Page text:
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Our strategy has a clear objective – to position ourselves as the credible, national voice of K’áhshó Got’ı̨nę self-government.


In 1993, on behalf of Fort Good Hope, the Sahtu Tribal Council (today known as the Sahtu Secretariat Incorporated) signed the Sahtu Dene and Metis Comprehensive Land Claim Agreement.

Chapter 5 and Appendix B of that Land Claim Agreement stated the obligation of Canada and the Northwest Territories to negotiate a Self-Government Agreement with Fort Good Hope.

In 2008, Fort Good Hope has entered into negotiations with Canada and the Northwest Territories.

In 2016, Fort Good Hope has signed a Process and Schedule Agreement with Canada and the Northwest Territories.



K’ahsho Got’ine are a sovereign nation that have governed ourselves since before Canada was here. Our systems of law and governance still exist and are practised in Fort Good Hope and on our land. This is what K’ahsho Got’ine mean when we talk about “self-government”. K’ahsho Got’ine have always governed ourselves in accordance with our own culture and laws. Our right or ability to govern ourselves does not depend on the consent or agreement of Canada.



It is only recently that Canada has acknowledged K’ahsho Got’ine nationhood or governance rights. Canada’s 1982 constitution recognizes and affirms existing aboriginal and treaty rights of Indigenous peoples, and Canada’s 1995 Inherent Right Policy clarifies Canada’s position that “Indigenous peoples have an inherent right of self-government” guaranteed by Canada’s constitution.

Canada’s policy sets out a detailed approach to how Canada will negotiate with Indigenous peoples to agree on formal self-government agreements. These self-government agreements give detail on what jurisdiction and authorities will be held by each government (Indigenous, Canadian federal, and Canadian provincial/territorial) and detail on how the agreements will be implemented including how funding for the Indigenous self-government will be determined and provided.

These negotiated self-government agreements do not reflect actual self-government for ancient nations like K’ahsho Got’ine. The agreements are merely a formal recognition by Canadian governments of limited governance jurisdictions, within the Canadian legal and cultural framework, for Indigenous nations.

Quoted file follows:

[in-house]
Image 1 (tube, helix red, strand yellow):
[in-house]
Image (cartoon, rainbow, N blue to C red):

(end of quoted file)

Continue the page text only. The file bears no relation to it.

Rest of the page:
For example, Canada flatly refuses to negotiate Indigenous jurisdictions in areas that relate to “Canadian sovereignty, defence and external relations” and “other national interest powers”. This includes things like banking and currency, international treaty-making, immigration, international trade, intellectual property, navigation and shipping, and criminal law.



Jurisdiction means the power to make laws. Self-government agreements deal with which government has jurisdiction over different things. Right now, under Canada’s legal and governance system, everything in Fort Good Hope and on K’ahsho Got’ine land is controlled by laws that are made by Canada’s federal government or by the Government of the Northwest Territories. For example, Canada’s federal government has jurisdiction over things like criminal law (laws in the form of written legislation in this area include Canada’s Criminal Code and Controlled Drugs and Substances Act). The Government of the Northwest Territories has jurisdiction over things like education, wildlife, oil and gas, and mining. Self-government negotiations focus on what jurisdictions will be held by a K’ahsho Got’ine government and what jurisdictions will be shared between governments.



Indigenous governments are recognized by Canada’s constitution. The Government of the Northwest Territories (“GNWT”) is not recognized by Canada’s constitution. The GNWT has no constitutional right to exist as a government, and has no constitutional right to govern. The GNWT was created by Canadian federal government legislation (the Northwest Territories Act) and was given all its governance jurisdictions by Canada’s federal government. It is like a federal government department with an elected legislature. There was no elected GNWT until 1967, decades after the signing of Treaty 11 between K’ahsho Got’ine and Canada in 1921. Many Dene and Metis believe that GNWT should not have a seat at the table in land claim and self-government negotiations, given that historic treaties were signed with representatives of Canada before a territorial government was ever created.

So why is GNWT at the negotiating table?

This is partly because GNWT is a signatory to the Sahtu Dene and Metis Comprehensive Land Claim Agreement, which gave them a foot in the door to participate in self-government negotiations. But Canada also insists on having GNWT at the table, and it would be a long and difficult process to remove GNWT from the negotiations.



Realizing the mandates, policies, and vision into the collective consciousness and as the only voice of K’áhshó Got’ı̨nę self-government.

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